Planet Aid often claims that it takes better care of its bins than do its competitors, but what Mr. Kearney and crew don’t want you to know is that many media reports around the country indicate otherwise. In images culled from news stories, Planet Aid’s bins are shown with donations and trash piled up next to them. In some shots, bins appear to be packed full while items strewn nearby seem to have been accumulating for a while: https://db.tt/VA83yfjV

I’m not sure if Mayor Melfi’s solution to fence in the bins behind businesses is the best idea. The city may want to take a look at how other towns have dealt with the donation bin dilemma. But beware of any weak, gutless “sample legislation” that Planet Aid may try to foist on the council. In my opinion, this questionable nonprofit will try to play Girard like a Stradivarius violin if you let it.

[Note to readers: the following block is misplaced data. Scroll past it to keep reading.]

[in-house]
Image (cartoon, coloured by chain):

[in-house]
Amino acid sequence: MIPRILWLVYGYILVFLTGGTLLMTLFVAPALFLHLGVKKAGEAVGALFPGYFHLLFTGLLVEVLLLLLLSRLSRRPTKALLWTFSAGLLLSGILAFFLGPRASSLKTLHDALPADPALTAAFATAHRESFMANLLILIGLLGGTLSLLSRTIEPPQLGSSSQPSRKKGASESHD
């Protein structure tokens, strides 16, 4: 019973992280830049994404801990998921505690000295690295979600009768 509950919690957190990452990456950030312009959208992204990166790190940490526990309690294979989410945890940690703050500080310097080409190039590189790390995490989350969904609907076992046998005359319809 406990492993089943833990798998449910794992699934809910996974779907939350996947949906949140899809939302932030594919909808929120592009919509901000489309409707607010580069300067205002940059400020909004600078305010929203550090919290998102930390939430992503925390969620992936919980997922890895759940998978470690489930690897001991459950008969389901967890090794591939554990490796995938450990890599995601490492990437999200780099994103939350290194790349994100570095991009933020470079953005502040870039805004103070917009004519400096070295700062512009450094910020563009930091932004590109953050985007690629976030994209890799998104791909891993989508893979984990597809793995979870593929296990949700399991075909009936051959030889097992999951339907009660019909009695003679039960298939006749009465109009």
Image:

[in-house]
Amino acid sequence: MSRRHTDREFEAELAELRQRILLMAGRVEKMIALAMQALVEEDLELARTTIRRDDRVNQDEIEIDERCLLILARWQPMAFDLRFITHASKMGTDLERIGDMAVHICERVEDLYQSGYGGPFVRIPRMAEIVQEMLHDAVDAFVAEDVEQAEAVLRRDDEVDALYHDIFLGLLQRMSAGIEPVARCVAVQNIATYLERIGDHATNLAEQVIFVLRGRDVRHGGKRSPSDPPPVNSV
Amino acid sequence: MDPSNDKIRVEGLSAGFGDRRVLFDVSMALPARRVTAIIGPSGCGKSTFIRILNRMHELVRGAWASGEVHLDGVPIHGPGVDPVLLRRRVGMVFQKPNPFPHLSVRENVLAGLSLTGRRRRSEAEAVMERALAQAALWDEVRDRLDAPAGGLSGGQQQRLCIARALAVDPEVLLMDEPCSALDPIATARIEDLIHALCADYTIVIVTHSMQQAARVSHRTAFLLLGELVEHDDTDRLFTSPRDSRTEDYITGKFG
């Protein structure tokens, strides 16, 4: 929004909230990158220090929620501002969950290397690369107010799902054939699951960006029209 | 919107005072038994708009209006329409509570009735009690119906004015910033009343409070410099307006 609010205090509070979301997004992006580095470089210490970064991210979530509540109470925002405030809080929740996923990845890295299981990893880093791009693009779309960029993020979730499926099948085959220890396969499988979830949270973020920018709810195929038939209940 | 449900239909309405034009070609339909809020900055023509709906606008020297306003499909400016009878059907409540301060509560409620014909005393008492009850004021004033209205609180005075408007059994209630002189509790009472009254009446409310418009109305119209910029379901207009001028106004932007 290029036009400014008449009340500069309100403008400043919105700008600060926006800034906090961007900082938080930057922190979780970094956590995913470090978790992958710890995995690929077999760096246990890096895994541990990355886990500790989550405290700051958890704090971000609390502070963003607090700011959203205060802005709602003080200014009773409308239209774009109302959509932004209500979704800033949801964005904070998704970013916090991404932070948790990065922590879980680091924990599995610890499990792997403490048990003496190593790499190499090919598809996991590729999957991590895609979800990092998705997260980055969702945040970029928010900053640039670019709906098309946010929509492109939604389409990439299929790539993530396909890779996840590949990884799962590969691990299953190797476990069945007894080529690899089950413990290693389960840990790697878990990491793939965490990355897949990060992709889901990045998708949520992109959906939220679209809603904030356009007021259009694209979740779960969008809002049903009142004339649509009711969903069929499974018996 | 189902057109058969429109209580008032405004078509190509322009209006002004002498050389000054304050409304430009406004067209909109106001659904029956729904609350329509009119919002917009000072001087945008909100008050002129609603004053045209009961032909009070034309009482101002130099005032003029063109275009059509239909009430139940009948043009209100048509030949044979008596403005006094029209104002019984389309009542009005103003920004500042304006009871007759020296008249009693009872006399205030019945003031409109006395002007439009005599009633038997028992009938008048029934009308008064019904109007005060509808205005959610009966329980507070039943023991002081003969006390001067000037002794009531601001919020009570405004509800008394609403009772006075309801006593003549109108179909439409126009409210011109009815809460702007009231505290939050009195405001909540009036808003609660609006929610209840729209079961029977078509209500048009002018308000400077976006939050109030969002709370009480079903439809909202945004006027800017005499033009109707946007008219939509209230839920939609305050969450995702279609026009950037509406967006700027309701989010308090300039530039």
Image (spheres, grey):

It may be helpful to look at how other cities have dealt with this dilemma. The findings included in the bin ordinance passed in 2012 by the city of San Pablo, California, are most instructive: http://db.tt/YGNcKg1y

I have even more serious concerns about Planet Aid, which are detailed in my 2nd comment.

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4Wade(5 comments)posted 4 weeks ago

(My 2nd and last comment)

1) Planet Aid has faced a storm of media criticism for more disturbing reasons. For starters, the Chicago-based CharityWatch gave Planet Aid an “F” grade after analyzing its 2012 tax form and audited financial statements, determining that Planet Aid spent only 27% of its expenses on programs.